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Menstrual Hygiene Management for Gender Equality

Menstrual Hygiene ManagementPoor menstrual hygiene management can be fatal. In Nepal, the “chaupadi” tradition of Hindus in western Nepal lead to a teenager named Tulasi Shahi being forced to stay in her uncle’s cowshed for days.

Why? Because she was on her period. A snake bit her while she was in the shed, and she died hours later.

Roshani Tiruwa, a 15-year-old girl, died a few months earlier from the “chaupadi” practice when she lit a fire in her hut and suffered from smoke inhalation. 50 percent of women in western Nepal suffer from this tradition.

Period-related shaming is not limited to Nepal. One out of three girls in southeast Asia had no knowledge of menstruation before getting their first period. 48 percent of girls in Iran and 10 percent of girls in India believe that getting your period is some kind of disease.

On top of harmful cultural influences, access to affordable hygienic materials is often very limited. Sometimes women attempt to use mud, leaves, dung or animal skins to control the bleeding.

For these women, periods are more than just embarrassing; they are an economic obstacle. The lack of information and products available to manage menstruation cause girls to miss significant amounts of school, and women to miss out on economic opportunities.

On the bright side, the solution to this problem already exists: pads, tampons, and knowledge that periods are natural and necessary for the survival of the human population. Days for Girls is an organization working to improve the lives of women in Uganda, Ghana and Nepal by improving their experience with menstruation.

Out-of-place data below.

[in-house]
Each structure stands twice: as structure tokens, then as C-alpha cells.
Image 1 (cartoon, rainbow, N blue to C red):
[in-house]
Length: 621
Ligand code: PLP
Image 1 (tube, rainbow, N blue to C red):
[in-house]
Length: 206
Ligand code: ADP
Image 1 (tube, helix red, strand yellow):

The organization provides health education and affordable hygiene kits, which last up to three years. In addition, days for girls provides microbusiness and sewing training to empower women to improve their economic situation as well as their period.

Christine, a woman in Nairobi, attended a two-week Days for Girls training program, which taught her how to sew, spread health information and make and sell menstrual hygiene kits in her community. Christine now owns three hygiene kit enterprises and believes the program changed her life.

The world is beginning to understand that menstrual hygiene management is an important international problem. More organizations have been formed to tackle the issue, and major development groups are beginning to recognize the gravity of this problem.

Many women in the world are shamed and hindered from achievement because of a normal, crucial body function. The movement to promote menstrual hygiene management is an important step towards gender equality worldwide.

Kristen Nixon

Photo: Flickr